STUDY: Extreme protest tactics likely to backfire
- Blocking traffic, damaging property, rioting, and other forms of extreme protest behaviours can reduce popular support for social movements, a new study concludes.
- Calling the recent riot at UC-Berkeley an example of "extreme protest behavior," the study's author warns "setting things on fire" is a good way to reduce support for the activists' cause.
Blocking traffic, damaging property, rioting, and other forms of extreme protest behaviours can reduce popular support for social movements, a new study concludes.
The study, Extreme Protest Tactics Reduce Popular Support For Social Movements, was published in SSRN by Professor Matthew Feinberg of the University of Toronto, who told Campus Reform that he was inspired to investigate protest tactics during his tenure as a graduate student at the University of California, Berkeley, during which time he claimed that he “went to a lot of protests.”
Feinberg said that he and his former graduate advisor at UC Berkeley, Professor Robb Willer, “were wondering which tactics would be more successful than others and which tactics could be backfiring,” and began researching the issue, eventually adding Chloe Kovacheff, a Ph.D student at the University of Toronto, to their team.
In one experiment, Feinberg and his team exposed research participants to videos of people protesting for three current social movements: animal rights, Black Lives Matter, and anti-Trump protests. Feinberg then gauged whether the type of protest tactic that activists used in each scenario had an effect on research participants’ support for the social movement.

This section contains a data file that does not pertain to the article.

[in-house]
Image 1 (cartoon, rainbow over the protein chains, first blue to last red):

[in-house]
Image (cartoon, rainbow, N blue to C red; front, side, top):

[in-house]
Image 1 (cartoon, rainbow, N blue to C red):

Unsurprisingly, he found that the more extreme the protest tactic was, such as rioting or blocking traffic, the less likely people were to support the cause.
“What we found is that exposure to extreme protest behaviour decreases support for the activists, their movement, and their cause,” Feinberg told Campus Reform. “It is counterproductive if one of your goals is to effect public opinion and to gain support from the general population.”
The fact that protests have the potential to be counterproductive was demonstrated further in another of their experiments examining protests that have taken place against Donald Trump.
“What we found most startling was in the anti-Trump protests. When participants were exposed to the traffic blocking video—the participants regardless of their political ideology—showed an increase in support when presented with that video,” Feinberg told Campus Reform.
The potential for protests to be counterproductive has important implications for campus activists, he explained, saying, “There is a tradeoff between two of the key aims [in activism]: one is to get attention, and the other is to effect public opinion in favor of your movement.”
Remarking on the contentious and violent “anti-fascist” protest that recently shut down a Milo Yiannopoulos speech at Berkeley, Feinberg remarked that “Setting things on fire… we’ll count those as extreme protest behaviours.”
Based on the team’s findings, then, it is possible that the Berkeley riot, despite accomplishing its primary goal of preventing free speech on campus, may ultimately prove not just ineffective, but counterproductive.
Feinberg, though, stressed that the goal of his research was not to be negative towards activists and activism in any way, but rather to highlight the pitfalls of excessive zealotry.
“We are not taking a political stance,” he asserted. “We recognize that activism is an important part of the democratic process. We just want to highlight the tradeoffs that exist.”
Follow the author of this article on Twitter: @Toni_Airaksinen